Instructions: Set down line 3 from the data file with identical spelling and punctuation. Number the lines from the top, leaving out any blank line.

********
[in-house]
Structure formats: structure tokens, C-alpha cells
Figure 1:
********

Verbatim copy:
Figure 1: